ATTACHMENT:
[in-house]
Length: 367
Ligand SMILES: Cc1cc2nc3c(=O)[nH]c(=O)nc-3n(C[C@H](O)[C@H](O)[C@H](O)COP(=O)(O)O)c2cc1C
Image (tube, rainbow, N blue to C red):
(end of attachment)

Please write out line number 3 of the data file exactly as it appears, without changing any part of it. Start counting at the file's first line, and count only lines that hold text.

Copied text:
Ligand SMILES: Cc1cc2nc3c(=O)[nH]c(=O)nc-3n(C[C@H](O)[C@H](O)[C@H](O)COP(=O)(O)O)c2cc1C